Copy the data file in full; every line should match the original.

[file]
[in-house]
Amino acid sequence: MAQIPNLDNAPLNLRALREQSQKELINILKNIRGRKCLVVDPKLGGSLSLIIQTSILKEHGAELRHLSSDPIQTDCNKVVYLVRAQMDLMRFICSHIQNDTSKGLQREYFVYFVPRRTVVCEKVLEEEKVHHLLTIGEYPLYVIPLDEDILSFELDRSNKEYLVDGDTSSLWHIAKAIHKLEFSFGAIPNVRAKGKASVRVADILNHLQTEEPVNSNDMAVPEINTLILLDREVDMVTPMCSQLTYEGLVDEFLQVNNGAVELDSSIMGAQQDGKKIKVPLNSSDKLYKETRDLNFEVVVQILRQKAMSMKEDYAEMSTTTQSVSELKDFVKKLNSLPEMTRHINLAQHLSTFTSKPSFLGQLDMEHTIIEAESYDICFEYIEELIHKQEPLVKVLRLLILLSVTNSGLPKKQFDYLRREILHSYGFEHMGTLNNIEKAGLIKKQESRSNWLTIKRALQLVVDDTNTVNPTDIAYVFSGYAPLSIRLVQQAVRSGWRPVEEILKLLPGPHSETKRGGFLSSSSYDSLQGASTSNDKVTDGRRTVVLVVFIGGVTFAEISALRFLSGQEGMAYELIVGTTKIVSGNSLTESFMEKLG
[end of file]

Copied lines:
[in-house]
Amino acid sequence: MAQIPNLDNAPLNLRALREQSQKELINILKNIRGRKCLVVDPKLGGSLSLIIQTSILKEHGAELRHLSSDPIQTDCNKVVYLVRAQMDLMRFICSHIQNDTSKGLQREYFVYFVPRRTVVCEKVLEEEKVHHLLTIGEYPLYVIPLDEDILSFELDRSNKEYLVDGDTSSLWHIAKAIHKLEFSFGAIPNVRAKGKASVRVADILNHLQTEEPVNSNDMAVPEINTLILLDREVDMVTPMCSQLTYEGLVDEFLQVNNGAVELDSSIMGAQQDGKKIKVPLNSSDKLYKETRDLNFEVVVQILRQKAMSMKEDYAEMSTTTQSVSELKDFVKKLNSLPEMTRHINLAQHLSTFTSKPSFLGQLDMEHTIIEAESYDICFEYIEELIHKQEPLVKVLRLLILLSVTNSGLPKKQFDYLRREILHSYGFEHMGTLNNIEKAGLIKKQESRSNWLTIKRALQLVVDDTNTVNPTDIAYVFSGYAPLSIRLVQQAVRSGWRPVEEILKLLPGPHSETKRGGFLSSSSYDSLQGASTSNDKVTDGRRTVVLVVFIGGVTFAEISALRFLSGQEGMAYELIVGTTKIVSGNSLTESFMEKLG